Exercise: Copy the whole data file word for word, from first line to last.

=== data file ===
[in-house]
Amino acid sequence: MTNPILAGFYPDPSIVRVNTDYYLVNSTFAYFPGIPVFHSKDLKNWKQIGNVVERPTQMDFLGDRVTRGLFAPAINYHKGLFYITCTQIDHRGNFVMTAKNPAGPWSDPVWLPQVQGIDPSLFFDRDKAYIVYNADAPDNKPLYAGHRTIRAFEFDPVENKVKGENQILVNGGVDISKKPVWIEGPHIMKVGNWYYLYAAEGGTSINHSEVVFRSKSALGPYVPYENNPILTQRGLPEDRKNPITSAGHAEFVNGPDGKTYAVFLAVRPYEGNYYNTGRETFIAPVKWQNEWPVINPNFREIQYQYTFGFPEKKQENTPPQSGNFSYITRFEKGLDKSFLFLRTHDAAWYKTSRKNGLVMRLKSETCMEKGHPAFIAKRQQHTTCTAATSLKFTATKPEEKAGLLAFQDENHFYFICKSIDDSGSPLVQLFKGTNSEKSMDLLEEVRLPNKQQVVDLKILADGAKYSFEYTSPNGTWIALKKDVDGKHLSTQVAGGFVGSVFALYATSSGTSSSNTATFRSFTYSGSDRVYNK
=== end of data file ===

[in-house]
Amino acid sequence: MTNPILAGFYPDPSIVRVNTDYYLVNSTFAYFPGIPVFHSKDLKNWKQIGNVVERPTQMDFLGDRVTRGLFAPAINYHKGLFYITCTQIDHRGNFVMTAKNPAGPWSDPVWLPQVQGIDPSLFFDRDKAYIVYNADAPDNKPLYAGHRTIRAFEFDPVENKVKGENQILVNGGVDISKKPVWIEGPHIMKVGNWYYLYAAEGGTSINHSEVVFRSKSALGPYVPYENNPILTQRGLPEDRKNPITSAGHAEFVNGPDGKTYAVFLAVRPYEGNYYNTGRETFIAPVKWQNEWPVINPNFREIQYQYTFGFPEKKQENTPPQSGNFSYITRFEKGLDKSFLFLRTHDAAWYKTSRKNGLVMRLKSETCMEKGHPAFIAKRQQHTTCTAATSLKFTATKPEEKAGLLAFQDENHFYFICKSIDDSGSPLVQLFKGTNSEKSMDLLEEVRLPNKQQVVDLKILADGAKYSFEYTSPNGTWIALKKDVDGKHLSTQVAGGFVGSVFALYATSSGTSSSNTATFRSFTYSGSDRVYNK